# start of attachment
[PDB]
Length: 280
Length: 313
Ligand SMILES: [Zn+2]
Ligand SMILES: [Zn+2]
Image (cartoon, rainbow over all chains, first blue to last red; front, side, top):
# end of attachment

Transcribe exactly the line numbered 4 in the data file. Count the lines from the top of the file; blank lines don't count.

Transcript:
Ligand SMILES: [Zn+2]